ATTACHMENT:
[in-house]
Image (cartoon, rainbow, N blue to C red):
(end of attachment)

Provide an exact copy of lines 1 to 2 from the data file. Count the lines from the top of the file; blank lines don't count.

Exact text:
[in-house]
Image (cartoon, rainbow, N blue to C red):